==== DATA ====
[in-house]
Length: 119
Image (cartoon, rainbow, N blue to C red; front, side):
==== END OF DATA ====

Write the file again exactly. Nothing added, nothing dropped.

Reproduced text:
[in-house]
Length: 119
Image (cartoon, rainbow, N blue to C red; front, side):